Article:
Most shopkeepers in the capital report a drastic fall in their business where business has not been the same since the pandemic. The shopkeepers also reports dip in quantity of the goods purchased.
Namgay Lham, owner of a general shop said that pandemic has seriously impacted the sales. “It was a significant stumbling block and a real inefficiency in our supply chain’’.
Prior to the pandemic which started on March 5, 2020, the shop used to sell goods worth Nu. 20,000 per day. Today, it is hardly Nu.5000-6000.
According to her, sales are dropping because majority of people are moving abroad, and some are resigning from their private jobs and moving to their village, only the permanent resident of the capital and few others are seen in the city.
Similarly, Tshering Zam, owner of alter shop said that the business is down because there are not many people now.
Except for few shops, the situation is no different in most shops across Thimphu.
Clothing stores share similar stories.
The owner of clothing store, Tashi Dema waits for customers. She said that with increase in transportation and custom tax, they had no option left than to increase the price of the goods. “Before the pandemic, for a sack of products we pay Nu. 150-200 but now we are paying Nu. 4000 which is significantly high.”
She talked about how she lost her customers and affected the sales. “I used to get Nu. 7000-10,000 per day before but sadly now, it is really difficult to even get Nu. 1000,” she said.
Sangay Wangdi shared his clothing store was greatly impacted as he could not meet his target to sell his products. Sales went down by 40 percent.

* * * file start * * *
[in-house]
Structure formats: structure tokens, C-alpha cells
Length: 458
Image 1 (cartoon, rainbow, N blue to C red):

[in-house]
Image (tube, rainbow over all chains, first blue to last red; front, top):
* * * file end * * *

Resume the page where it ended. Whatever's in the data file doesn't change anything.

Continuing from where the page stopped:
Sales has come down, he said adding that paying rent is such a hassle. “For now, we are surviving on the few customers,” he added.
Small businesses, who were affected the most by the pandemic, most additionally say they are having trouble with shop rents.
Similarly, entertainment outlets also reported decrease in the number of customers. One of the karaoke managers said, “Before we could see flux of people but now, a few same customers, it’s really difficult to pay rent for this big space at the end of the month”. Most of frequenters that I know have left for abroad, he added.
Sonam Dema, the owner of kitchen utensils shop said there were customers in the peak seasons (February till March mid), but there are not many people now. “We used to get Nu. 20,000 per day during weekdays and up to Nu. 40,000 during weekends, but now sales has drastically dipped.”
She said for a cartoon containing 4 piece of rice cooker it cost just Nu. 50 before whereas now it charge Nu. 150 for the same cartoon.
Shopkeepers said that despite fewer shoppers, they still have to open the shops to avoid losing out on customers.
Kinley, who runs a grocery store said, “Despite the low turnover of people, we are still open to not lose the few customers.”
Restaurants expressed, likewise, saying that they did lose customers.
“We are already finding it little difficult to fulfill our estimated demand, but the situation got worse as the sales dropped drastically ever since the start of pandemic,” said Phuntsho Dorji, owner of the restaurant.
If the situation of wilting market is in anyways attributed to the Bhutanese travelling abroad or dwindling global economy, either ways or both it is anticipated market downturn. The recovery of country’s economy seems farfetched idea with inflation and increasing fuel and gas prices and slow or no government initiative to normalize the economy.